What do you think?
Why do you think modern CEOs and ministers have abandoned the idea of being responsible for their organisations, let alone their own actions?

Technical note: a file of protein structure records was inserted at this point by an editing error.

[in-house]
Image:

What can we do to make them accept that responsibility?

Let us know in comments below.